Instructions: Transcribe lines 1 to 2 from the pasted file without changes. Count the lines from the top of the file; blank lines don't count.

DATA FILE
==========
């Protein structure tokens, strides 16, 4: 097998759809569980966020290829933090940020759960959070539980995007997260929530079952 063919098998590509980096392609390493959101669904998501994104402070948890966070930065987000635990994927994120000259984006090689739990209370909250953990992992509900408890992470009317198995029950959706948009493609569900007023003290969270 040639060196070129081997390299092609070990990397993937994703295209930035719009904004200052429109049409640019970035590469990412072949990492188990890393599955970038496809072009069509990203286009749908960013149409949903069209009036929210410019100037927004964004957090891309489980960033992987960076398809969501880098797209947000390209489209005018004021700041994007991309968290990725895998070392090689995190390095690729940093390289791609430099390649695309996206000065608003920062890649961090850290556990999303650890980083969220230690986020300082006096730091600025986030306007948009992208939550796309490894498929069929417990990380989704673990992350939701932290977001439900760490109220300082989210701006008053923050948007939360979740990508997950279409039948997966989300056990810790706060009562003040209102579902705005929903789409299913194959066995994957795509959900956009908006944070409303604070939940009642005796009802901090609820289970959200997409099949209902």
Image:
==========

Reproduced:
């Protein structure tokens, strides 16, 4: 097998759809569980966020290829933090940020759960959070539980995007997260929530079952 063919098998590509980096392609390493959101669904998501994104402070948890966070930065987000635990994927994120000259984006090689739990209370909250953990992992509900408890992470009317198995029950959706948009493609569900007023003290969270 040639060196070129081997390299092609070990990397993937994703295209930035719009904004200052429109049409640019970035590469990412072949990492188990890393599955970038496809072009069509990203286009749908960013149409949903069209009036929210410019100037927004964004957090891309489980960033992987960076398809969501880098797209947000390209489209005018004021700041994007991309968290990725895998070392090689995190390095690729940093390289791609430099390649695309996206000065608003920062890649961090850290556990999303650890980083969220230690986020300082006096730091600025986030306007948009992208939550796309490894498929069929417990990380989704673990992350939701932290977001439900760490109220300082989210701006008053923050948007939360979740990508997950279409039948997966989300056990810790706060009562003040209102579902705005929903789409299913194959066995994957795509959900956009908006944070409303604070939940009642005796009802901090609820289970959200997409099949209902």
Image: